The ranking member of the Senate Agriculture Committee told Bloomberg Government she will oppose an $81 billion disaster aid package if it includes any provision that would use funds from the supplemental nutrition assistance program to offset disaster relief.
The House passed a disaster aid package ( H.R. 4667) on Dec. 21 that includes language that sets up a “National Accuracy Clearinghouse (NAC),” a system aimed at making sure that Department of Agriculture’s Supplemental Nutrition Assistance Program recipients are not collecting benefits in multiple states.
Sen. Debbie Stabenow (D-Mich.), ranking member on the Senate Agriculture Committee, told Bloomberg Government on Jan. 4 that the savings from the new system would offset other agriculture disaster relief funding. One provision in the bill that could take savings from SNAP is lifting the funding cap on livestock gross margin insurance, which would benefit dairy producers.
“I am not going to support any changes in SNAP to pay for disaster assistance,” said Stabenow. “It is a complete nonstarter using food assistance money for disaster relief.” She added that anything done to SNAP needs to be done in the 2018 farm bill.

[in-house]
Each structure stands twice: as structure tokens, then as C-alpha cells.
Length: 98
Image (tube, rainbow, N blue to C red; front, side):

However, Stabenow said she would not necessarily be opposed to looking at a system like NAC, as long as it is tied to the farm bill.
The disaster package, which hasn’t been passed by the Senate, would include $2.6 billion for the Department of Agriculture to address crop losses such as those affecting Florida citrus growers who were hit by Hurricane Irma last summer. The USDA estimated fruit losses of as much as 100 percent in some areas, along with the increased spread of citrus greening, a bacterial disease.
Senators have not said when they will take up the House-passed $81 billion disaster aid bill, and Democrats have called for changes to the package including waiving a requirement for Puerto Rico to match some federal relief funds. Senate Minority Leader Chuck Schumer (D-N.Y.) said disaster funds could be tied to a spending bill, although he did not specify whether that meant a continuing resolution to fund the government past Jan. 19 or a later omnibus spending bill.
With assistance from Jack Fitzpatrick
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